Michel de Montaigne
Translated by John Florio (1603)

Book 1 Chapter 49
Of ancient customs

I would willingly excuse our people for having no other patterne or rule of perfection, but his owne customes, his owne fashions: For, it is a common vice, not onely in the vulgar sorte, but as it were in all men, to bend their ayme, and frame their thoughts unto the fashions, wherein they were borne. I am pleased when he shall see Fabricius or Lælius, who because they are neither attired nor fashioned according to our manner, that he condemne their countenance to be strange, and their cariage barbarous. But I bewaile his particular indiscretion, in that he suffereth himselfe to be so blinded, and deceived by the authoritie of present custome, and that if custome pleaseth, he is readie to change opinion, and varie advise, every moneth, nay every day, and judgeth so diversly of himselfe. When he wore short-wasted doublets, and but little lower then his breast, he would maintaine by militant reasons, that the waste was in his right place: but when not long after he came to weare them so long-wasted, yea almost so low as his privities, then began he to condemne the former fashion, as fond, intollerable and deformed; and to commend the latter, as comely, handsome, and commendable. A new fashion of apparell creepeth no sooner into use, but presently he blameth and dispraiseth the olde, and that with so earnest a resolution, and universall a consent, that you would say, it is some kinde of madnes, or selfe-fond humor, that giddieth his understanding.

And forasmuch as our changing or altering of fashions, is so sodaine and new-fangled, that the inventions, and new devises of all the tailors in the world, cannot so fast invent novelties, it must necessarily follow that neglected, and stale-rejected fashions doe often come into credit and use againe: And the latest and newest, within a while-after come to be outcast and dispised, and that one selfe same judgement within the space of fifteene or twentie yeares admitteth, not onely two or three different, but also cleane contrarie opinions, with so light and incredible inconstancie, that any man would wonder-at. There is no man so suttle-craftie amongst-us, that suffreth not himselfe to be enveigled and over-reached by this contradiction, and that is not incensibly dazeled, both with his inward and externall eyes. I will here huddle-up some few ancient fashions that I remember: Some of them like unto ours, other-some farre differing from them: To the end, that having ever this continuall variation of humane things in our minde, we may the better enlighten and confirme our transported judgement. That manner of fight which we use now adaies with rapier and cloke, was also used among the Romans, as saith Cæsar. Sinistris sagos inuoluunt, gladiosque distringunt: They wrap their left armes in their clokes, and draw their swordes. We may to this day observe this vice to be amongst us, and which we have taken from them, that is, to stay such passengers as we meete by the way, and force them to tell-us, who they are, whence they come, whither they goe, and to count-it as an injurie, and cause of quarrell, if they refuse to answere our demaund. In Baths, which our forefathers used daily before meales, as ordinarily as we use water to wash our hands, when first they came into them, they washed but their armes and legges, but afterward (which custome lasted many after-ages; and to this day continueth amongst divers nations of the world) their whole body over, with compounded and perfumed waters, in such sorte as they held-it as a great testimonie of simplicitie, to wash themselves in pure and uncompounded water: Such as were most delicate, and effeminate, were wont to perfume their whole bodies over and over, three or foure times every day; And often (as our French women have lately taken-up) to picke and snip out the haires of their forehead, so they of all their body.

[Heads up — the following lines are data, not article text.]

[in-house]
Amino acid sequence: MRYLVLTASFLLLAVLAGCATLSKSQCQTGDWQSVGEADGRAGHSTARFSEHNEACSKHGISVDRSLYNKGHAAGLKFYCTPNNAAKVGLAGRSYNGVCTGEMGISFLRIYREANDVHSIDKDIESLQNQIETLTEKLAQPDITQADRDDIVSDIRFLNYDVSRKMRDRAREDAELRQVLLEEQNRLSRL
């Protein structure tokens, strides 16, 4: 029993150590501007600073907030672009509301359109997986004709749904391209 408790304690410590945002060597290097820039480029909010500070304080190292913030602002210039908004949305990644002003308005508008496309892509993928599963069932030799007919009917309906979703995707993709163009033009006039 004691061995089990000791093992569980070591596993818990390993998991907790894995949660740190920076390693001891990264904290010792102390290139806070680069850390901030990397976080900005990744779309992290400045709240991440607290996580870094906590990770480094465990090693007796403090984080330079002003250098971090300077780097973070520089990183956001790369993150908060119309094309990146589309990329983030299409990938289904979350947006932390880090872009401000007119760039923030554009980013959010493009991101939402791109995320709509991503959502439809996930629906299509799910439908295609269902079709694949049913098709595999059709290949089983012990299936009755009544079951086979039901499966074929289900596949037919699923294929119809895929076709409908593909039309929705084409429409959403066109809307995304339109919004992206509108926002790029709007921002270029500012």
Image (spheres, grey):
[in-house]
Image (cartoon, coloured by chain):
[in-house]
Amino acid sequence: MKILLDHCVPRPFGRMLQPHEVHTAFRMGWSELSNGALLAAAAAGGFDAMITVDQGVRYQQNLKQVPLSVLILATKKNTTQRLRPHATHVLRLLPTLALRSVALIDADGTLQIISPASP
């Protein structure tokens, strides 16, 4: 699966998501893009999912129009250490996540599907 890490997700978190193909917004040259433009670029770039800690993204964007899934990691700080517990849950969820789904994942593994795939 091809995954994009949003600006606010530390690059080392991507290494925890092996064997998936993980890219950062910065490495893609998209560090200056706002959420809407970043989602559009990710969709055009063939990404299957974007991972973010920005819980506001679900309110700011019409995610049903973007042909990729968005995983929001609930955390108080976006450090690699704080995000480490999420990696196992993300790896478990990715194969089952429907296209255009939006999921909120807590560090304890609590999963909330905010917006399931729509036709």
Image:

Quod pectus, quod crura tibi, quod brachia vellis.